History, International relations, Amnesty International, Amnesty International USA, Human Rights, Human Rights Watch, and International League for the Rights of Man
Using archival collections and published primary sources, this dissertation offers a bottom-up, social historical perspective on how several international human rights non-governmental organizations (NGOs) in the United States during the Cold War--the International League for the Rights of Man, Amnesty International USA (AIUSA), Americas Watch and Helsinki Watch--formed a transnational advocacy network that exposed abuses and shamed governments into ending them. It finds that a small circle of rooted cosmopolitans--a term used by Sidney Tarrow to describe "outsiders inside/insiders outside"--was responsible for the emergence of a movement during the mid-1970s that was centered in New York, San Francisco, and Washington, D.C. The activists profiled here were not the powerful, but neither were they the powerless. They tended to be highly-educated professionals who were drawn into activism after their moral sensibilities had been greatly offended. The emotional connections that formed between activists and victims thus arose within the historical context of intensifying market relations in this contemporary era of globalization. But why the spectacle of distant suffering drove some people to devote themselves to advancing the cause of human rights can be answered only in deeply personal terms. Biography is crucial to understanding how this transformation occurred for them: religious beliefs, a long-held cultural interest, a friend who experienced political repression and symbolized the plight of an entire country, previous work on domestic civil liberties, or their own victimization. Their worldview was based on a far-reaching conception of one's ethical responsibilities. As Kwame Anthony Appiah has argued, lives are given value by the identities that shape them--the philosophical basis of a cosmopolitanism that is premised upon "kindness to strangers." Activists proceeded in a similar path from an abstract notion of the rights-bearing individual to immersing themselves in the lived experiences of prisoners, dissidents, and other persecuted individuals they may have never actually met in person. Lacking the authority of state actors, activists had to act as moral entrepreneurs. Their social value was providing elites with information. The researchers who gathered the material for the reports published by Amnesty International and Human Rights Watch became experts who were called to testify before Congress. Journalists quoted their findings to counter or corroborate the official version of events. NGOs also developed legal expertise that they used to expand the reach of international human rights law. As this subfield became more widely taught at law schools, some of which established programs dedicated to it, a generation of lawyer-activists took the international human rights movement in a new, more litigious direction. Publicity was just as important. It was easier to mobilize public opinion against repressive governments if the victims were well known; even better if activists became part of the story. By reaffirming their accuracy and objectivity, activists could gain the trust of reliable donors, philanthropic foundations, wealthy benefactors, and celebrities, all of whom became important sources of income that enabled their NGOs to expand during the last three decades of the twentieth century.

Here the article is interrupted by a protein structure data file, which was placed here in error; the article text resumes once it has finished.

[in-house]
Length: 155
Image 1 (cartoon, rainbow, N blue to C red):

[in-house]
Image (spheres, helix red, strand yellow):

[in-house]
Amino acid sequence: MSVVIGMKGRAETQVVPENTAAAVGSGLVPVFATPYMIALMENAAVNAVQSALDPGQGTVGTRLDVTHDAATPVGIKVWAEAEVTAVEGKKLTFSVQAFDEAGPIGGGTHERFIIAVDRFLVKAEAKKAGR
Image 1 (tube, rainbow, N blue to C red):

EXECUTIVE-legislative relations, INTERNATIONAL relations, HUMAN rights, INTERNATIONAL security, and LEGISLATION
North Korea provides a case study of the inherent tensions between the executive and legislative branches in the determination of U.S. foreign policy. Congress put various obstacles in the path of the Clinton administration's engagement strategy toward North Korea, anticipating some of the policy changes undertaken by the George W. Bush administration in its first term. Recent congressional efforts to inject the issue of human rights into the debate on U.S.-North Korean relations have the potential to backfire unless carefully implemented. Meanwhile, Congress has missed several opportunities to make a positive contribution to the ongoing nuclear crisis. This article will also look at the interest groups that have shaped congressional forays on North Korea and touch briefly on South Korean attempts to influence U.S. legislation on North Korea. Finally, it will discuss possible future struggles between the administration and Congress over North Korea and make recommendations for future policy initiatives. [ABSTRACT FROM AUTHOR]
UNITED States legislators, HUMAN rights, FOOD contamination, and INTERNATIONAL relations
The article reports on the decision of the U.S. legislators to force Chinese officials to take action on issues on human rights crisis in Darfur, Sudan and contaminated food and feed from China. The decision has been made since China is focusing on its intervention to keep down the value of the yuan and economic irritants. Charles B. Rangel, chairman of the House Ways and Means said that the U.S. Congress has a unique role in the U.S.-China relationship.
The author expresses his belief that the administration of U.S. President-elect Barack Obama and the 111th Congress should change course on Indonesia and should place human rights at the forefront of U.S. policy because he thinks such would promote democratic reform and human rights accountability. He recalls the history of the relation between the U.S. and Indonesia. He describes the stand of Obama in terms of U.S. engagement in Indonesia.